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The maleberry can get as tall as five feet and wide enough to be considered a shrub. This common shrub grows in savannas, swamps, and bogs. It has pink or white drooping flowers that are shaped like bells that bloom on branches, and look old with no leaves in April – June. The leathery oval-shaped evergreen leaves have a honey-like nectar containing lyoniatoxin (lyoniol A), which is a grayanotoxin. In the wintertime, the fruits appear as the flowers die. These fruits are brown capsules that hold hundreds of seeds in each which are released as the berries dry up.
Maleberry poisoning is a serious condition known for its grayanotoxin (lyoniatoxin) which can cause respiratory, cardiac, and central nervous system problems. Grayanotoxins (lyoniatoxin) are cyclic diterpenes that bind to the body’s cells to keep them in an active state, producing cardiac changes such as bradycardia and respiratory distress. This can also cause increased insulin levels, depression, hypotension, extreme sleepiness, and dizziness.
Even if your dog ate just one or two leaves of maleberry, serious side-effects may be evident right away. However, with some dogs, the signs of consumption will not be noticeable for a few hours. Some of the most commonly reported signs of maleberry poisoning are:
The scientific name for maleberry is Lyonia lucida of the Ericaceae family, although it is known by many different names. Some of the most common are:
The causes of maleberry poisoning are cyclic diterpenes, lyoniatoxins, (lyoniol A) or grayanotoxins. These toxins are found in the foliage and nectar of the plant and cause many symptoms such as dizziness, vomiting, nausea, and abnormal heart rate.
If your dog has consumed even a small amount of the maleberry bush, veterinary treatment is needed right away. This condition can quickly become fatal if not treated in time (within a few hours) because of its ability to cause respiratory and cardiac failure. If you can, bring a portion of the plant or a photograph to show the veterinarian. This may help with diagnosis and the treatment plan. Your pet will be given a physical examination to determine overall condition, which includes heart and respiratory rate, blood pressure, height, weight, body temperature, pulse oximetry (oxygen level), and breath sounds. An electrocardiogram (EKG) will be done to monitor your dog’s cardiac activity. A urine and stool sample will be taken at this time to examine under a microscope for parasites and fungal infections.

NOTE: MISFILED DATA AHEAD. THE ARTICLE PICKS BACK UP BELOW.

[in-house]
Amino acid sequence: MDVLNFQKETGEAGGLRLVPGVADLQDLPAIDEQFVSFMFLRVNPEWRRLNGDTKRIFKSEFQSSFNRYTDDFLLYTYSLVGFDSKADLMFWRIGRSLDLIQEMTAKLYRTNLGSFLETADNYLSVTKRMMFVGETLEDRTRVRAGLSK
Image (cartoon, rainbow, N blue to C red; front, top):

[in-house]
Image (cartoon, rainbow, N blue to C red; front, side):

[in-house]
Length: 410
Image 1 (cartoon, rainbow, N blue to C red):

Also, the veterinarian will draw some blood samples to test for a complete blood count (CBC) to check levels of white and red blood cells, hematocrit, hemoglobin, and platelets. In addition, a biochemistry profile will be performed to determine the health of your pet’s internal organs, glucose levels, and electrolyte levels. A blood urea nitrogen (BUN) is helpful in checking for shock, liver and kidney damage, dehydration, and toxins. In addition, abdominal x-rays (radiographs) will be taken to look for any signs of obstructions or other abnormalities.
Treating maleberry poisoning is similar to other poisoning situations. The veterinarian will first want to get the toxins out of your dog’s system by inducing emesis, and then she will detoxify, medicate, and observe, if necessary. The treatment may vary depending on the amount of maleberry your dog consumed and how bad the side effects are, but the general idea is all the same.
The veterinarian will give your pet ipecac or hydrogen peroxide solution to precipitate emesis (vomiting). Afterward, activated charcoal will be given by mouth to absorb any undigested toxins.
A gastric lavage is usually given next to rinse the plant particles and juices from the Maleberry. To help with detoxification, intravenous (IV) fluids will be started which will flush the kidneys. It also helps decrease the chance of dehydration caused by diarrhea and vomiting.
If your pet is having trouble breathing, the veterinarian will give oxygen therapy to help with that. The veterinarian will also administer atropine into the IV line to strengthen and regulate your dog’s heart rate.
Your pet will be kept overnight for observation so supportive treatment can be given as needed. It is likely that fluid and oxygen therapy will be continued during this time. You will be able to bring your dog home as soon as the veterinarian believes your pet is stable.
After returning home, you should keep your dog in a quiet place with plenty of fresh water. The veterinarian may suggest a bland diet for the next 7-10 days, along with plenty of rest. You may need to bring your pet back for a follow-up examination in about two weeks, but be certain to call if you notice anything abnormal prior to the appointment.
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